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Firm owned by friend of Health Secretary awarded £14m PPE contract

AN ASSOCIATE of Health Secretary Matt Hancock owns a company that received a multimillion-pound government contract for the supply of personal protective equipment (PPE), it has emerged.

Frances Stanley is the sole “person of significant control” of CH&L Limited, a Companies House listing shows.

The Department of Health and Social Care (DHSC) awarded the £14.4 million contract for the provision of isolation gowns last April.

Ms Stanley told Byline Times that, due to “unforeseen logistical circumstances,” the contract was not fulfilled and the deposit paid by the DHSC was returned to the government.

She added: “At no point did I ever talk to Matt Hancock about our plans to help, only DHSC purchasing officials involved in the process.”

Her husband Peter Stanley had donated £5,000 to Mr Hancock’s office in 2019, Electoral Commission records show.

Mr Stanley and Dido Harding, appointed by the government to run the Covid-19 test-and-trace scheme, both hold board positions at the Jockey Club.

Ms Stanley is a director of Newmarket Racecourse, based in Mr Hancock’s West Suffolk constituency, and has direct ties to him.

The pair competed against each other in an amateur horse race for the Newmarket Town Plate in 2016. In 2019, they were pictured at a rail summit held at Newmarket Jockey Club and organised by Ms Stanley.

Four months later, in January 2020, CH&L Limited was incorporated with one director, Chunlei Li, a member of the Newmarket Chinese Medicine Centre. In June, Ms Stanley was appointed a director.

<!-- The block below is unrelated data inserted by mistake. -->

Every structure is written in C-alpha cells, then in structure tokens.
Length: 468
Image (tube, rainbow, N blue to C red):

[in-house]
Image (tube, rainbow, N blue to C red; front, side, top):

The contract was only published by the government this week.

Commenting on the contract, Labour deputy leader Angela Rayner said that the government is “now just frankly taking the p*** out of British people.”

The revelation comes after Labour challenged the government this week to “clean up” how it awards contracts during the pandemic.

Shadow Cabinet Office minister Rachel Reeves said that procurement during the crisis had been “rife with conflicts of interest” and “cronyism.”

She called for a new ethics watchdog to “guarantee standards.”

Last November, a National Audit Office report found that more than half of contracts by the end of July 2020 had been awarded without competitive tender.

It said that companies recommended by MPs, peers and ministers’ offices had been given priority.

But the report concluded that, in cases of potential conflicts of interest involving ministers, all had declared their interests and there was “no evidence of their involvement in procurement decisions or contract management.”


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